After the smoke jumpers land safely, the plane’s crew will drop them a load that may include fire packs designed to sustain two firefighters for 48 hours, hand tools, sleeping bags, more water or chainsaws.

After working all day and night to fight the fire, the job won’t be done until the fire is out or the smoke jumpers pass the spreading fire to a larger team.

Smokejumpers must then pack up to 130 pounds of gear and head to a road, trail or helicopter landing site to be picked up. Sometimes that means hiking one mile. Other times, packing up might involve an 8-mile hike up a trail through rugged mountains to get to the nearest suitable helicopter landing spot.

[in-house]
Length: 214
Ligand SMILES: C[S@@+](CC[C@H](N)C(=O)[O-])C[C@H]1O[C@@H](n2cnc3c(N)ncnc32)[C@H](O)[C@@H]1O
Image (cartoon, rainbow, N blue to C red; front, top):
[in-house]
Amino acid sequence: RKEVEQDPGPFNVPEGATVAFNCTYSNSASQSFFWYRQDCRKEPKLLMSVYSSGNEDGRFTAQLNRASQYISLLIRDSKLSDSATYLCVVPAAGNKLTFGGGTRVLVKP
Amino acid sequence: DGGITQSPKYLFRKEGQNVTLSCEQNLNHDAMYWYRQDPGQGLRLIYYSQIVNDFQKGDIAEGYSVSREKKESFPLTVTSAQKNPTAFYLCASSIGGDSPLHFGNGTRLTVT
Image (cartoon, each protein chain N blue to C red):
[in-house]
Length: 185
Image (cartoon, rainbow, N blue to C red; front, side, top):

For Semyon it becomes a career.

He likes the different experiences each campfire provides and enjoys working with other smokejumpers.

“Being a public servant working to protect people’s property and our shared natural resources gives me satisfaction,” Siamien said. “Most of all, it’s a pleasure to work with a group of such highly motivated, hard-working, intelligent problem-solvers. That’s what it all comes down to, and that’s what Boise Smokejumpers is all about, as well as the greater wildland fire community, too.”

What are the predictions for this year’s fire season?

Because of the record snowpack in parts of Idaho and the West, there is not much fire activity in the United States right now, said Nick Nauslar, forecast service meteorologist at the National Interagency Fire Center in Boise.